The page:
French Open 2011: Is this where it starts for Nadal?
There has been an unfamiliar air about five-time champion Nadal in Paris, writes Marianne Bevis
Rafael Nadal’s record on clay -31 titles -has few parallels, and his achievements in Paris in particular are the stuff of legend.
Since he turned professional 10 years ago, at just 15, he has won 224 of 242 clay matches. This year alone he has won 21 out of 23, winning two titles -a seventh in Monte Carlo and a sixth in Barcelona -from four finals.
He has won the French Open five times, losing just one match out of 42 played. That was in the fourth round in 2009 and he afterwards withdrew from competition until August due to tendinitis in the knees.
In taking last year’s title, Nadal did not drop a set and became the first man to complete the “clay slam” of three masters and the French Open.
Yet this year, despite remaining most experts’ favourite for the French title, Nadal has been showing the smallest signs of vulnerability.
He has, of course, suffered at the hands of the outstanding player of the moment, Novak Djokovic, in four finals -including the clay of Madrid and Rome -but then no-one else has solved the Djokovic riddle this year, either.
Nadal has also found the 2011 playing conditions to be far from perfect for his style of tennis. While the controversy over the new Babolat balls has continued into the second week, some players are enjoying their sprightly performance on the relatively fast, dry courts.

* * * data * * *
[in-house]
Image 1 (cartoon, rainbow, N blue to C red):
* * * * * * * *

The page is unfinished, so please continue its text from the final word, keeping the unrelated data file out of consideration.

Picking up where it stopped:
Nadal, though, has found it more difficult than usual to generate the spin and weight on his shots that normally devastate the competition.
Which of these factors are implicated in the unexpected battles that Nadal has faced in Roland Garros is not clear.
He took five sets and a recovery from two-sets-to-one down to come through his first-round against John Isner. Against Pablo Andujar, he needed three-and-a-quarter hours and a final set tie-breaker.
Then against qualifier and world No227 Antonio Veic, the Nadal clouds seem to lift. But in his fourth-round test against Ivan Ljuvicic, the clouds seem to hang around his furrowed brow again.
It was a strange match that began with great expectations. The morning was warm and so was the crowd for a meeting between Nadal and the popular veteran Ivan Ljubicic.
The Croat, in the autumn of a 13-year career, has slid to 37 in the rankings, but he always puts on a sterling show of big serving, glorious backhands and sporting character.
He was also, this year, proving to be one of the men to enjoy the fast conditions, and he had not dropped a set in disposing of seeds Sam Querrey and Fernando Verdasco.
Yet his record on clay suggested he would trouble Nadal little: He won just three games in this year’s meeting at Monte Carlo.
As they took to Philipp Chatrier, the hot weather had begun to cool as clouds skittered across the sky: a harbinger, perhaps, of what became one of the more unsatisfactory matches in Paris thus far.
By the third game, Nadal had broken serve and by the sixth, Ljubicic had broken back. Neither man found any consistency and the errors poured from both rackets.
By 5-5, Nadal was on 12 unforced errors and Ljubicic on 22, but it was Nadal who managed the next crucial break in the 11th game and he served out a messy first set, 7-5, with the aid of just five winners.
The second set produced little more flow or assurance from either player. Despite having one of the best serves in the game, Ljubicic bottomed out at just 39 percent of first serves and had to defend break points in his opening game.